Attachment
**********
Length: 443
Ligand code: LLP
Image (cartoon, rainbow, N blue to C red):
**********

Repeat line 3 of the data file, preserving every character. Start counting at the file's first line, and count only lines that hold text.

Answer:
Image (cartoon, rainbow, N blue to C red):